The apical and basolateral membranes are demarcated by the tight junction(TJ), a specialized site of cell contact at the apical aspect of the lateral membrane. TJs are composed of a complex network of integral and peripheral membrane proteins. Claudins, occludin, and junctional adhesion molecule mediate cell adhesions at this site. In turn, these proteins associate with a diverse collection of cytoplasmic proteins that serve a variety of functions(Zahraoui et al., 2000). For instance, Zona occludens-1 (ZO-1), Zona occludens-2, and Zona occludens-3 link the above proteins to the underlying actin cytoskeleton(Fanning et al., 1998; Fanning et al., 2002). A subset of TJ-associated proteins (Rab3b, Rab8, Rab13, Sec6, Sec8, etc.) are involved in trafficking and docking of vesicles(Zahraoui et al., 2000). Recently, an increasing number of studies have elucidated an intimate functional relationship between the TJ and the establishment of apico-basal polarity. The majority of these reports have focused on an evolutionarily conserved signaling complex composed of aPKC and the PDZ domain containing proteins, Par6 and Par3/ASIP (Joberty et al., 2000; Lin et al.,2000). DaPKC, D-Par6, and Bazooka represent the orthologues of these proteins in Drosophila, respectively. In Drosophila,this complex has been shown to play important roles in establishing asymmetry in epithelia and delaminating neuroblasts during embryogenesis(Petronczki and Knoblich,2001; Wodarz et al.,2000). In mammalian epithelia, the Par6-ASIP-aPKC complex, in association with the monomeric GTPase CDC42, has been shown to regulate the assembly of TJs (Gao et al.,2002; Hirose et al.,2002; Izumi et al.,1998; Joberty et al.,2000; Suzuki et al.,2001; Yamanaka et al.,2001).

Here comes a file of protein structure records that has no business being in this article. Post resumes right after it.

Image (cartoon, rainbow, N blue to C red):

We and others have recently characterized another evolutionarily conserved TJ complex composed of the orthologues of Drosophila Crumbs (CRB),Stardust (Sdt), and Discs lost (Dlt): Crumbs 3 (CRB3), Pals1, and Pals1 associated TJ protein (PATJ), respectively(Lemmers et al., 2002; Makarova et al., 2003; Roh et al., 2002b). CRB and CRB3 are transmembrane proteins whereas the other proteins are cytoplasmic scaffolding proteins. Sdt and Pals1 are membrane associated guanylate kinase(Maguk) proteins each containing a single PDZ domain(Bachmann et al., 2001; Hong et al., 2001; Kamberov et al., 2000). In contrast, Dlt and PATJ bear multiple PDZ domains(Tepass, 2002). In mammalian epithelia, Pals1 acts as an adaptor mediating the indirect interaction between Crumbs and PATJ (Roh et al.,2002b). In Drosophila, Sdt is predicted to be involved in similar types of interactions with CRB and Dlt(Tepass, 2002).